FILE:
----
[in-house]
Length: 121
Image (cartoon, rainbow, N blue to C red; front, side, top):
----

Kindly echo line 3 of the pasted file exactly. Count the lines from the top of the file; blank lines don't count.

Image (cartoon, rainbow, N blue to C red; front, side, top):